Agile management has never been so popular; from leading giants like BP to major financials and motorsport teams, CIOs explained to ZDNet how this flexible management style is changing the way teams work.
Although Agile is never applied in an organization, the basic principles of the software development approach – decentralized decision-making, inter-organizational teams and inter-team empowerment – are likely to resonate with most leaders. technological. Additionally, the evidence suggests that the rest of the business is also keen to get the most out of agile management.
So how should business leaders remain open to feedback from their staff on how decisions are made? Four digital leaders give us their best practice advice for applying Agile management.
1. Focus on developing cross-functional teams
Warren Breakstone, managing director and product manager for data management solutions at S&P Global Market Intelligence, calls his organization an âagile store-to-scaleâ and says the methodology is embedded in the way the business operates.
âWe have been using Agile for many years and we don’t see it just as a development methodology; it’s not just for the technology, âhe says. âThe best approach for us is to think of Agile as a business practice. So we’re making sure that all of our teams are on the business side – as well as the technology side, and everyone in between – trained and certified on Agile. “
Breakstone says the organization is focused on developing cross-functional teams as a critical ingredient in business success. He describes Agile as a key support practice to help people in the organization get things done.
âAnd given the speed with which the needs of our customers are changing and the markets we serve are changing, the ability to be Agile isn’t nice to have, it’s a must. If your markets and your customers are changing faster than you are, time is not on your side, âhe says.
“So being Agile has become a necessity, both in terms of the process and the practices of Agile methodologies. But also of the mindset, in the sense that if you are not agile and you are not connected to your customers, then you’re gonna lose. “
2. Support your high-performance teams
Gary Delooze, CIO at Nationwide, says the concept of Agile leadership resonates strongly with him.
âMy personal style is to try to put together the best possible team and then get out of it. The best thing we can do as leaders is build the teams, create the environment, and then provide the teams with the air cover, so they can be successful, âhe says.
Delooze says his role is to give teams the space to execute and deliver and then to be there to support them: âFor me, it’s more about empowering them to be successful. ”
His leadership style at Nationwide is to listen to people on the ground when they talk about the challenges they see, and then discuss with senior management teams how the company can use technology to solve those challenges.
âIt’s about creating an empowering culture where people have a chance to stand up and say, ‘I think I can do it better. for our customers, âhe says.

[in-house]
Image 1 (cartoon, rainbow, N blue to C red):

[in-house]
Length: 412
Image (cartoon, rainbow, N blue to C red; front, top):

“These are things people will do when they feel empowered, when they have psychological security, when they don’t feel like they are defying a regime and when they feel empowered by the rulers.”
3. Make sure you are engaged and accessible
Although her organization does not use the term Agile leadership, Tarah Lourens, Director of Product and Technology at Rightmove, says the company’s board of directors “absolutely recognizes” the concepts associated with an Agile leadership style. .
âFrom the CEO, the management team is very careful about what we allow,â she says. “We’ve worked really hard for this – it’s a conscious behavior trait that we all try to respect.”
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Lourens says the leadership team is focused on employee engagement. Rightmove conducts a semi-annual engagement survey and uses the results to educate its staff and take the overall pulse of the organization. The C-suite team also makes sure they understand the motivations and desires of the people who work for the company.
âSo for example, I recently spent an hour with each person on my team – and now I’m going back and doing the same thing again. I spend time with everyone and the entire management team is very accessible. We care about ourselves and are told things that we don’t necessarily want to hear, but we are always ready to adapt, âexplains Lourens.
âI think being open as a leadership team comes down to making sure you’re approachable and talking to people at their level. So this year, rather than people coming to us and talking to us about their work on projects, we’re going to ask them how they’re doing, we’re going to visit them, it’s not the other way around.
4. Lead like a coach rather than a manager
Claire Dickson, CIO of the multinational packaging company DS Smith, describes herself as an advocate for Agile management. In fact, in a world where CIOs need to speed time to market to delivery, she doesn’t know if there’s another way to work.
âI think you must be logged in,â she said. âI totally believe in servant leadership. It cannot be just the leader. It has to be about the team and making the team bigger than the leader. I think it’s about moving to a DevOps environment, where you push the decision making right into the organization as a flatter structure. “
Dickson joined DS Smith just over two months ago and inherited an organization with a relatively flat structure.
“I believe in being a coach rather than a manager. And then using data to make sure we’re performing. We create Power BI dashboards, so I can see where we’re at on delivery. “, says.